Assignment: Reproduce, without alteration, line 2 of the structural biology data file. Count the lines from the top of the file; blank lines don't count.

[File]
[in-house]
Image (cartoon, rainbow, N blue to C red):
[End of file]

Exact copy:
Image (cartoon, rainbow, N blue to C red):